What You Should Know About HOA Fees and Benefits
Moving into a new neighborhood comes with many learning experiences; assessments are one.
This post will study all of the benefits and costs of being in a homeowners association (HOA). The benefits of living in an HOA neighborhood are many, but you also need to be aware of the costs and commitments of being part of a neighborhood.
Benefits of HOA Living
Each community association is different, but assessments generally cover the expenses related to maintenance of public areas, community amenities, and a certain standard of maintenance/decor for your homes so that the entire neighborhood feels like home.
Maintenance of Common Areas
Maintenance of common areas is a universal benefit from homeowners associations. Depending on the community, public parking areas, community amenities, and community utilities (trash is most common) are all maintained through the collected assessment fees.
Many HOAs bring different amenities that are available to all the members of the HOA and their guests. These amenities vary depending on your neighborhood, but they can include pools, tennis courts, gyms and business centers, parks, and more. For many homeowners, the amenities are the primary reason they choose a specific HOA or condominium association.
When considering a neighborhood with an HOA, check what the HOA provides amenities and standard area maintenance before choosing your community.
This can be a hit or miss for many homeowners. The standards can seem burdensome, but many people enjoy having a community that feels like a community. If you have ever had your neighbor's dandelions make a mess of your yard, you will understand the reason many people enjoy HOA standards.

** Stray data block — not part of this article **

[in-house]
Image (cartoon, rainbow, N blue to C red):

Costs of HOA Living
Every HOA gets funded through association dues. The other significant costs are the work and capital it takes to meet the community standards and the time you invest in doing HOA work (volunteering for events, serving on the HOA board, etc.).
The primary means of funding for community associations are assessments which may be collected monthly, annually, or on another regular interval. These assessments vary between neighborhoods and are not tax-deductible unless the fees are for a property that you are renting out. Therefore, before you decide to move into a community association, you want to do your due diligence and determine how much the assessments are, when they are due, and what other fees will be part of your regular housing budget. Then, include these numbers in your budgeting for your house when you make a purchase decision.
The other cost of HOA living is meeting the HOA's standards. The rules for a community association are often called the Covenants, Conditions, and Restrictions (CC&Rs). The CC&Rs and Bylaws help you understand what commitments you need to make to be a part of this community, and you need to review them before you move into a neighborhood. The following are areas that many HOAs address with a CC&R.
- Home-Based Businesses
- Home Additions
- Landscaping and Lawns
- Home Maintenance
- Paint Colors
An association governing document defines what a neighborhood is about, the rules and helps you decide whether your lifestyle will fit with the community association.
Should You Move Into a Community Association?
It would help if you made this decision with due diligence and after consulting professionals. Community association assessments may affect your finances significantly, so talking to a CPA is a good idea. In addition, the HOA or condominium association determines the resale value of your home, so you should consult with a real estate professional as well. Finally, it would help if you made sure that you read all the documents and decide that will fit you and your lifestyle.
Moving into an HOA or condominium association was the best decision for many people, so make your decision wisely